15. Mrs Pettersen correctly conceded that the FTT erred in law in purporting to dismiss the appeal on Articles 2 and 3 grounds at [188] "as they were certified under s. 72". They were not and could not be certified in this way, and I agree that [188] contains a clear error of law. However, the Article 2/3 claim were based upon the same asserted prospective risk in Gambia that underpinned the asylum claim. The error in approach to the Article 2/3 claim would not be material if the FTT was entitled to make the findings it did regarding the appellant's asylum claim at [187]. Ground 5 vaguely asserts that [188] is "perverse and inadequate. It wholly lacks reasons for dismissing the core of the asylum claim". I have already addressed [188]. The grounds of appeal are entirely silent as to [187].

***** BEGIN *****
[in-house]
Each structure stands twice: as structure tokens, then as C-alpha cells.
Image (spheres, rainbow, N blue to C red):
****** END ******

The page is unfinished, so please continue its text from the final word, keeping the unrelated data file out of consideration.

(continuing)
16. During the course of his submissions Mr Wilding agreed with me that the appellant relied upon two sources of risk to himself in Gambia, in support of his asylum claim, and this mirrored his Article 2/3 claim. First, the risk to him as a consequence of the financial dishonesty against the Gambian government and the embarrassment he caused. Second, the risks that flow as a result of D's risk of FGM in Gambia. Mr Wilding accepted that there was no clearly pleaded challenge to the FTT's findings as to the alleged risk emanating from the Gambian government and focussed his attention upon the second limb to the appellant's alleged risk in Gambia relating to D's risk of FGM.